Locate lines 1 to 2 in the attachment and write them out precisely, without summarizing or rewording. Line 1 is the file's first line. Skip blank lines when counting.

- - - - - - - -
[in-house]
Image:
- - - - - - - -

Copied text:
[in-house]
Image: